Drue Campbell’s life is adrift. Out of a job and down on her luck, life doesn’t seem to be getting any better when her estranged father, Brice Campbell, a flamboyant personal injury attorney, shows up at her mother’s funeral after a twenty-year absence. Worse, he’s remarried – to Drue’s eighth grade frenemy, Wendy, now his office manager. And they’re offering her a job.
It seems like the job from hell, but the offer is sweetened by the news of her inheritance – her grandparents’ beach bungalow in the sleepy town of Sunset Beach, a charming but storm-damaged eyesore now surrounded by waterfront McMansions.
With no other prospects, Drue begrudgingly joins the firm, spending her days screening out the grifters whose phone calls flood the law office. Working with Wendy is no picnic either. But when a suspicious death at an exclusive beach resort nearby exposes possible corruption at her father’s firm, she goes from unwilling cubicle rat to unwitting investigator, and is drawn into a case that may – or may not – involve her father. With an office romance building, a decades-old missing persons case re-opened, and a cottage in rehab, one thing is for sure at Sunset Beach: there’s a storm on the horizon.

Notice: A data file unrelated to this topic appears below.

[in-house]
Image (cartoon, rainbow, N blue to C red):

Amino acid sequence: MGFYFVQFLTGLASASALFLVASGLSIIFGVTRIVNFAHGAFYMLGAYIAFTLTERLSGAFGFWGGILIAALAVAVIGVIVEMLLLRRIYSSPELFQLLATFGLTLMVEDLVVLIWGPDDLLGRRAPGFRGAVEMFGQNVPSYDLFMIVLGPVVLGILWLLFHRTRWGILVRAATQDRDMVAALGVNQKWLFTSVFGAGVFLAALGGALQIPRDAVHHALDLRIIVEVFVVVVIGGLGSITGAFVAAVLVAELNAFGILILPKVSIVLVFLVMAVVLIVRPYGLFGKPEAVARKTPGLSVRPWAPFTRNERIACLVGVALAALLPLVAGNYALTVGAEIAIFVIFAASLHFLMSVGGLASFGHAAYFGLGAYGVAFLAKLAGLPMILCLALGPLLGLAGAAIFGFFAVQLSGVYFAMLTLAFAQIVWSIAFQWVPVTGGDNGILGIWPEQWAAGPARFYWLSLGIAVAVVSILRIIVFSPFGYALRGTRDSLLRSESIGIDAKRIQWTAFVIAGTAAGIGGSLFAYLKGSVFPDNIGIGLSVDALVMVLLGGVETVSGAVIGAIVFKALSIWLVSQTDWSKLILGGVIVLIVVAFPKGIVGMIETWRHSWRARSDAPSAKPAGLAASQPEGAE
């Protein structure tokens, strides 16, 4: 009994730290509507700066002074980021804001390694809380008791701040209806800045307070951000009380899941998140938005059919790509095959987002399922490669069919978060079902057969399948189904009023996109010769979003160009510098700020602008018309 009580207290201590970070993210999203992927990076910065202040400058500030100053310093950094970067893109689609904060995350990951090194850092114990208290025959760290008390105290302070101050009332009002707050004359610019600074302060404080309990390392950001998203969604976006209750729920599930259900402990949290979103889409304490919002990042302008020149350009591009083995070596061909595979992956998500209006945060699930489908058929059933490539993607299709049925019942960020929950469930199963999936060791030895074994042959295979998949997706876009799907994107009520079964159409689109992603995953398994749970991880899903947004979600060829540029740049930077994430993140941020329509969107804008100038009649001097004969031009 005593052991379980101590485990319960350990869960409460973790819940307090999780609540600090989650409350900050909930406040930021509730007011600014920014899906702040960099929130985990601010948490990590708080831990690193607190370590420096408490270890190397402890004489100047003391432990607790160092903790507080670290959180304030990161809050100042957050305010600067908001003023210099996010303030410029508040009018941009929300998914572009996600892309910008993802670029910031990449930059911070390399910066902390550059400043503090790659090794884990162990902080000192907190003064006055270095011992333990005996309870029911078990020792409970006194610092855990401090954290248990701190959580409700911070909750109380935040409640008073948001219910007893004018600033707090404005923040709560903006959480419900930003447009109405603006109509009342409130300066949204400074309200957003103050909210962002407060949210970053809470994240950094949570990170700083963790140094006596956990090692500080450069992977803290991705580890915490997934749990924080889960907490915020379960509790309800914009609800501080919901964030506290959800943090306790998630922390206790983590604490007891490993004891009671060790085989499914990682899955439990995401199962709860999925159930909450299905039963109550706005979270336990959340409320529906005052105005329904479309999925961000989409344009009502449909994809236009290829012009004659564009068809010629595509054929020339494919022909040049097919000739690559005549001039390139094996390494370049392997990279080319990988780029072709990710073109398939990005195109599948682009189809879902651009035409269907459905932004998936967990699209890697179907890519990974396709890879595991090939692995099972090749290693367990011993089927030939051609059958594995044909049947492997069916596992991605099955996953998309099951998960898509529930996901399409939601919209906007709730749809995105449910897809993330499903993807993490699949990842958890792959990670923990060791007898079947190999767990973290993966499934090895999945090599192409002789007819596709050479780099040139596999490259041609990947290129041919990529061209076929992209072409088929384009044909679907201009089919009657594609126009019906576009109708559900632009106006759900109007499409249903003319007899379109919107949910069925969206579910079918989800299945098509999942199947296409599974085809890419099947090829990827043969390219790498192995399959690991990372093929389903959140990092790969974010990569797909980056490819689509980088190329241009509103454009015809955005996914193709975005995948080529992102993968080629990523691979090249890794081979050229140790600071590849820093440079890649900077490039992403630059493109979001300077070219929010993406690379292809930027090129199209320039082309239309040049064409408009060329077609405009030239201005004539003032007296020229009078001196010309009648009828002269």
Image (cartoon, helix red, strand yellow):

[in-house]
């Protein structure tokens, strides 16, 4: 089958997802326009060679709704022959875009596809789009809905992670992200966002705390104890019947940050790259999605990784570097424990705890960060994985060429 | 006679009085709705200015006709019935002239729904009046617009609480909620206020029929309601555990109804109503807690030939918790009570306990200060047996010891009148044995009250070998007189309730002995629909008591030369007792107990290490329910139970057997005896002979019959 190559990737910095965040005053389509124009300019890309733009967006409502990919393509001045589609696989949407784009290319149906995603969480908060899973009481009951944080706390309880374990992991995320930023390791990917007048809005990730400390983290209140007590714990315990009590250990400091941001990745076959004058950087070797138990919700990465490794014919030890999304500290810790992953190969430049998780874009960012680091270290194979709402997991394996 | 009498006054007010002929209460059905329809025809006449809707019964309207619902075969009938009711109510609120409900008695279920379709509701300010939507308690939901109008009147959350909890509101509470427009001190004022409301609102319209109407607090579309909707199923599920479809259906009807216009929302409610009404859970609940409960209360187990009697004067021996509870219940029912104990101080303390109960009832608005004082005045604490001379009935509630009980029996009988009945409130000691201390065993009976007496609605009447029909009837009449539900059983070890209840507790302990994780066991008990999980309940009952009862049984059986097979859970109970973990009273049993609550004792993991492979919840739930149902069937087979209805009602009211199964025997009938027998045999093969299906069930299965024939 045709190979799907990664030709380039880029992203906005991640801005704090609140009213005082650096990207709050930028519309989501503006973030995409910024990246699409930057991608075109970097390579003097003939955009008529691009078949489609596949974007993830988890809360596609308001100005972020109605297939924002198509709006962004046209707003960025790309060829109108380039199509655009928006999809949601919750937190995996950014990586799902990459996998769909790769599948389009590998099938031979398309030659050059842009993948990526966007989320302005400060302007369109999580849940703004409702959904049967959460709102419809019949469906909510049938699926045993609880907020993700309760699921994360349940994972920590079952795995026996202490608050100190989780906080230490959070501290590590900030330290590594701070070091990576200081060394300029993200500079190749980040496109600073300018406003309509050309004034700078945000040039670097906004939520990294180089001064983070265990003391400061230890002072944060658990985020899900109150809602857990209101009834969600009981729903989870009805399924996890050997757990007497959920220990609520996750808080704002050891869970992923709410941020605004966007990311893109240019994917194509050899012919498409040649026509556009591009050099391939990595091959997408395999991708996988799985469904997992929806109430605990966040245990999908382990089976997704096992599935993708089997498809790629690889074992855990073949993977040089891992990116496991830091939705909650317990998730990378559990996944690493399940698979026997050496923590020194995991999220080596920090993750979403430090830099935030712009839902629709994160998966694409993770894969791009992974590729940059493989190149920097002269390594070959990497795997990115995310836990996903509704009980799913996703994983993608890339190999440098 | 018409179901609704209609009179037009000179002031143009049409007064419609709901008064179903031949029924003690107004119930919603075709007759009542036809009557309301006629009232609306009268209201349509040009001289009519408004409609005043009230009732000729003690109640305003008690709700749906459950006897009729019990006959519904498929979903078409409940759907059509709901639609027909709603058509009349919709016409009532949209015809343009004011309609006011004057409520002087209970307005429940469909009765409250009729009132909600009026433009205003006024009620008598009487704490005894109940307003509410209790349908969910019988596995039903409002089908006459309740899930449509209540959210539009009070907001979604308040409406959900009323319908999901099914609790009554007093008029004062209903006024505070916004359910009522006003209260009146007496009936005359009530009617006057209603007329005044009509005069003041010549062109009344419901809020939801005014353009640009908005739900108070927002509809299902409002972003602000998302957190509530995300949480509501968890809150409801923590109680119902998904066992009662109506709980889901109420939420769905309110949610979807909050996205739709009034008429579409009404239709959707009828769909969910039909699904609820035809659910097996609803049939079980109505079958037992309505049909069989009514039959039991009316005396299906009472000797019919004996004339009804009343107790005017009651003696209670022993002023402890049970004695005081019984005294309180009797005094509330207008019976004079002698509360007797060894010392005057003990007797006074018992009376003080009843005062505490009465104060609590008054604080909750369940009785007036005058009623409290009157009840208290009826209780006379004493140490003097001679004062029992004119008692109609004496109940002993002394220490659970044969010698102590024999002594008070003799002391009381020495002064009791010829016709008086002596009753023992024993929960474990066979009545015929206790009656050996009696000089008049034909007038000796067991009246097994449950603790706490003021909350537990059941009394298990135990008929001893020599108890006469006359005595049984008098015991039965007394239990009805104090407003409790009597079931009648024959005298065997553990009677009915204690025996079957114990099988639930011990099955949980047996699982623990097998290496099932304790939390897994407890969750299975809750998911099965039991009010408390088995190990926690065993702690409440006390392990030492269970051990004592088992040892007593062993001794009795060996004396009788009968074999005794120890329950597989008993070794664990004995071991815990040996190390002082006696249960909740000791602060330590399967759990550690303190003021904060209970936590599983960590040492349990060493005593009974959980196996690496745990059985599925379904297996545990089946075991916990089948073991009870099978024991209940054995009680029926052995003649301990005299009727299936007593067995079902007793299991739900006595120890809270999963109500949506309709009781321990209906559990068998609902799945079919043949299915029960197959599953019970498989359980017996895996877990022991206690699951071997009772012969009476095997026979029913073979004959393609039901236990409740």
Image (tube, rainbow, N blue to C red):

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Available Tomorrow – May 7, 2019
I feel like I read a different book than everyone else. Goodreads is full of reviewers that loved this book and I didn’t like it. I was hoping for more of a beach read, but it was more mystery, which I wasn’t in love with.
There are 2 mysteries to be solved in Sunset Beach. The first one is dating back 40 years, where a beautiful woman disappeared one day. The second is in present day, where a young mother was found dead at her workplace. There was some twists and turns and some red herrings thrown in, but overall I found that they weren’t great mysteries.
I didn’t enjoyed the main character, Drue and it was mostly due to the writing of the author. The author drilled what happened over the reader so many times, it was annoying. Drue would take action and something would happen. Then Drue would tell person A exactly what happened. And then she told person B the exact same thing. I didn’t need to be told what happened three times, I got it the first time.
2 calculators out of a potential 5. Really repetitive and sadly not the light beach read I was looking for.
Thank you to Netgallery and St. Martin’s Press for an ARC in exchange for my honest review.